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FEATURE STORY April 14, 2020

Innovation in Kazakhstan: From Ideas to Impact

MULTIMEDIA

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Whether it happens among students in a classroom or engineers in a laboratory, innovation is a process that begins with an idea and results in transformative trends and business start-ups that can boost a country’s economic development. 

For Kazakhstan, innovation has the potential to unleash the private sector as the country strives to build a more diversified and competitive economy.

Launched by the Kazakh Ministry of Education and Science and the World Bank, and building on the impressive achievements of the Bank’s Technology Commercialization Project over the past 12 years, the Fostering Productive Innovation Project (FPIP) promotes and develops commercial innovations in Kazakhstan by providing grants to entrepreneurs and start-ups seeking to improve the quality of people’s lives.

The primary objective of the FPIP for Kazakhstan is to promote high-quality, nationally relevant research on, and the commercialization of, new technologies.


"Such innovation grants designed to foster productive innovation financed by the Science Committee and the World Bank are in great need in Kazakhstan. They just change our thinking as scientists. This project changed our thinking into believing that any scientific development could be commercialized in order to bring benefits to people."
Almagul Kakimzhanova
Almagul Kakimzhanova
Leading specialist in the molecular biology of plants and a successful recipient of one of the competitive innovation grants, “Greenlab,” provided under the FPIP

The projects that receive the inclusive innovation consortia grants are varied in their nature and application.

“X-matrix,” which produces biological dressings with highly efficient healing properties for the treatment of burns and wounds based on an extracellular xenogenic matrix, is one of the many successful grantees. A leading researcher at X-matrix, Kabylbek Abugaliyev, is a fervent advocate of recruiting young researchers to help him in his research and development of biological dressings for treatment solutions for large wounds.


"The involvement of young researchers was a precondition for participation in the project. Therefore, three young researchers work in our project now. They are the future potential of our country. They are involved in the process and jointly with us conduct scientific research. At the end of the project we want to promote scientific personnel who not only pursue science but also know the nuances of commercialization and document management. Therefore, I think that this project offers an incentive to cultivate young scientists, though not just scientists but those scientists who could commercialize their scientific knowledge. I think that it is very valuable experience."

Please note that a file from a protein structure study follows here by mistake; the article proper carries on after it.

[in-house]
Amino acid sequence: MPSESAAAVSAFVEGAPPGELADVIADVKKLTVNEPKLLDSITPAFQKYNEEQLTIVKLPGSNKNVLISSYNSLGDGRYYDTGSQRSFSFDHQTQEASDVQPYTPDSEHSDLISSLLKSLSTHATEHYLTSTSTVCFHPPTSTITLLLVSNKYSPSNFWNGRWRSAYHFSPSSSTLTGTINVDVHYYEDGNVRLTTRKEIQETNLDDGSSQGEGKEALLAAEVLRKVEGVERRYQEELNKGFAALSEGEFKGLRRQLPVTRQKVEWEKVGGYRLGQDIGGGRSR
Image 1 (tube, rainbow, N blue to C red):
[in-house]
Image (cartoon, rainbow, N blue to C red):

Kabylbek Abugaliyev
Kabylbek Abugaliyev
Leading researcher, X-matrix

ReLive, a start-up company based at Nazarbaev University, has developed a unique platform designed to rehabilitate patients after a stroke through groundbreaking artificial intelligence–supported neuro-rehabilitation robotic software.


"We developed an exoskeleton with intelligent controls. We also managed to read the signal from the brain."
Beibit Abdikenov
Beibit Abdikenov
Project leader, ReLive

The United Nations has recognized the start-up’s invention as one of the world’s top 20 innovative solutions.

The FPIP has helped to improve the quality of scientific research in Kazakhstan and its relevance to market needs, research and development spending, and collaboration between universities and industry.

The project has also strengthened the capacity of key institutions of the National Innovation System by introducing market-oriented approaches to the selection and support of innovation projects and technology start-ups. Moreover, it has contributed significantly to the country’s ability to effectively collaborate in funding international-level research and development and in changing the mindset of the scientific community and policy makers to look more closely at Kazakhstan’s economic development through direct engagement and dialogue with the private sector.



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